Each year I post an article with tips for Field Day organizers, but admittedly most folks who volunteer to lead such events already know how to organize a good Field Day event.  Something I see year after year but is rarely talked about is personal growth from these events.  What does personal growth have to do with Field Day, you ask?  By personal growth, I mean learning new things, becoming more technically proficient, and become an overall more skilled operator.  You see some folks who come one year who are nervous about getting on the mic, they observe others operate, and during a slow period they may get coaxed into operating awhile.  They get the hang of it after an hour or two and do fairly well.  Next year when they come back to Field Day, they readily volunteer to operate and can belt out 60 or 70 QSOs an hour, with someone logging alongside.  The next year they can operate and log all by themselves.  Perhaps later they will branch out and do digital modes or CW.  There’s a learning process going on, and it extends outside of Field Day where skills and techniques learned are applied to everyday operating or perhaps casual contest operating.  Ultimately these people become a key part of the Field Day organizing process, readily becoming a resource and providing expertise to others.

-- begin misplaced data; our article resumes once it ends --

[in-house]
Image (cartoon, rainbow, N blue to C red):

Unfortunately there tends to be an element at annual Field Days who don’t grasp this concept.  They don’t listen during the demonstrations of the logging program during the preparation meetings or at the final pep talk before Field Day operating kicks off.  They don’t want to know how the rigs work, they will depend each year on someone setting up the band, mode, and tuner before they operate.  Some may drive into the site several hours into the event, hop in an operating position in prime time hours, eat some food, and leave.  Now I’m not saying it’s wrong to be a casual operator, but if you’ve been at your local club’s Field Day for the past decade, you owe it to yourself and those who are putting a lot of effort into the event to help out, learn, grow, and contribute.